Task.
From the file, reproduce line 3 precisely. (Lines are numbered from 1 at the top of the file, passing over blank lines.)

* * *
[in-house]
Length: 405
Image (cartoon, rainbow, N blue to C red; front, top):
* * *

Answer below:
Image (cartoon, rainbow, N blue to C red; front, top):